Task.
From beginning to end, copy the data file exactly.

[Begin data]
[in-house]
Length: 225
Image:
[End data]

[in-house]
Length: 225
Image: